My parents didn’t read to me as a child, nor did I own childrens books. I find this strange because my mom has always been a voracious reader. I inherited her love of books and read a lot once I got to school, but I have very little familiarity with classic childrens books. The first book I got from my mom was a romance novel when I was in sixth grade! Other than that, my only exposure to books came from school or friends. I was always envious of anyone in possession of Dr. Seuss books.
When Jack was born some friends and family members mailed us some childrens books, most of which I had never even heard of. My husband, on the other hand, has frequently claimed to remember reading these books as a kid. In fact, one such book was given to Jack by Joe’s aunt, who also gave the book to Joe when he was small.
Recently we attended a baby shower for a friend and one of the best parts was picking out some of the “must have” items as a gift. This, naturally, included books. It got me to thinking about the favorites in our little library, and the dreaded books as well (I’ll have to write a future post about that). Here’s a list of the goodies for those of you out there interested:
Guess How Much I Love You – this book slowly caught on but it is #1 on our list. It was certified as a favorite when Jack started “reading” along and stretching his arms out to immitate the bunnies in the book. Love it!
The Eye Book or The Shape of Me by Dr. Seuss – these books are pretty much the same, and we like them both. I like the colors personally. I thought I would be more excited about Dr. Seuss books but there are only a few I can stand reading repeatedly.
Inside, Outside, Upside Down – a Bernstein Bears book – Jack loves this one and I’m not exactly sure why (it’s so simple). Maybe because the bear shouts “Mama! Mama!” at the end.
Goodnight Moon by Margaret Wise Brown - this is one that I had at least heard of prior to having Jack, but my only experience with the story was through the Simpsons (anyone know where I can get the recording of Christopher Walken reading this?). Again, this book is extremely simple and I have no idea why Jack loves it so much, but he does. We have two copies and they are both falling apart already! This was the first book Jack started dragging off the book shelf for us to read.
Hondo & Fabian by Peter McCarty – we don’t actually own this one but read it just about every time we go to our friend Sabrina’s place (she works at a book store and is pretty obsessed with all kinds of books). Jack took to this one right away! I’d like to get Peter McCarty’s whole collection.
Pat the Bunny – this is the book given to Jack by Joe’s aunt, a book that Joe was also gifted with as a child by the same aunt. I had never even heard of this book! It is super cute and interactive, and fun when your kid tries to smell the flowers but isn’t quite sure how to make his nose work. Jack caught on pretty quickly to the inner workings of this book, and it taught him how to say “bye bye.” It’s definitely one of my personal favorites!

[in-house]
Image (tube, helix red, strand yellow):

I’d love to hear your favorites, as well!
Jack is acting strange – continued lethargy, snorting, refusing to drink his milk or eat much of anything, and just not quite himself. We are going to try to take him back to the doctor on Thursday. Last night he went to bed at 6pm (the night before he fell asleep at 5pm). He has never gone to bed so early! Of course, last night he woke up at 9pm and ate a whole jar of spinach and potatoes, which was surprising (and good since he ate/drank so little during the day). We headed back to bed around 10 and I fell asleep some time during the two or so hours it took him to get back to sleep. It was not a great night. I just don’t know what’s going on with him.
I dropped my car off at the body shop this morning. It’s been a challenge to figure out how to get it there without taking time off work or juggling a baby and carseat on a bus back home. It was surprisingly easy in the end – Joe removed the carseat last night (I was unable to unhook it because he had tightened the LATCH belts so tight – at least we knew it was good and in there!), and I dropped the car off this morning, catching my bus on the corner by the shop. I still need to make arrangements for a rental car, especially because I can’t drive Joe’s stick-shift and we have family coming to town this weekend (which includes our niece and nephew – so we’ll be getting a little creative with the three kids’ seating arrangements).